Volunteers are needed to perform research, transcription, mapping, programming, and a variety of other tasks for the West Virginia GeoExplorere Program. If you or your organization would like to participate contact Bill Theriault at firstname.lastname@example.org or Brad Wiles at email@example.com. Our digitized newspaper collection includes more than 3,500 issues and counting The goal of the newspaper transcription project is to provide researchers with legible materials and to encode these items with information that makes them more easily searchable by time, place, topic, and individual.
Here’s what it takes to participate in the project:
1. Open an issue of a newspaper through the Browse Resources | Newspapers selection on the menu bar and review it for an item you wish to transcribe. Unless you choose to transcribe an entire issue, select something of local (Jefferson County) or state (Virginia) importance. For example, the September 16, 1808, issue of the Farmer’s Repository contains a notice that offers a reward for a runaway slave.
2. Check the West Virginia GeoExplorer Bibliography to ensure that the item has not yet been transcribed. To do this, select Search | Search Bibliography from the menu bar. Type the date in the Event field (9/16/1808). Select the Title of Book or Publication field from the pulldown list of searchable fields and enter the name of the newspaper: Farmer’s Repository. (The search engine ignores punctuation, such as apostrophes.) Select the Find It button. If more than one item in the database meets your search criteria, a table of results will appear below the search area. Click the magnifying glass next to a item and scroll to the bottom of the page to view the corresponding record. In this case, the search revealed an abstract of the item but not a full transcription, so you can proceed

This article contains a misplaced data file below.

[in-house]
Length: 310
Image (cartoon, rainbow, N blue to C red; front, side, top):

with your transcription. If your search did not yield any results, you may also proceed.
3. Once you have selected an item to transcribe, contact us through this Volunteer Page or the main Blog Page and identify the item you want to transcribe. We will get you logged into our transcription system, where you can upload files and discuss your activities as needed.
4. As you transcribe an item, retain the original paragraph structure, punctuation, spelling, upper/lower case, and bold or italic words if present. Ignore end of line hyphenation, paragraph indentation, and other special formatting. Include [?] if you are unsure of a word or […] to indicate an illegible section.
5. To ensure that dates can be searched, they need to be annotated using a standardized format. If the item includes a date (e.g., September 16, 1808), follow it with a numeric equivalent. For example, “The fire occurred on September 16, 1808 [9/16/1808] and destroyed the entire second floor.” If the item refers to a date without spelling it out (e.g., “last Saturday”), use the date and day on the first page of the newspaper to determine the actual date. To figure out more complicated dates, you may want to use a perpetual calendar. Obituaries often contain an indirect reference to a person’s date of birth. For example, “he died last Saturday at the age of 27 years, 5 months, and 11 days.” You can use a birth date calculator to be more precise. Since these calculators use ageneral formula to produce a result, they are not always accurate. If you use one, make a note in yourtranscription. For example, “he died on September 16th of this year [9/16/1808] at the age of 27 years, 5 months, and 11 days [4/5/1781, calculated].”